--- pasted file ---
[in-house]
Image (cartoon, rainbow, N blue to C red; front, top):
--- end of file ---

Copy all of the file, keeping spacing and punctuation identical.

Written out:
[in-house]
Image (cartoon, rainbow, N blue to C red; front, top):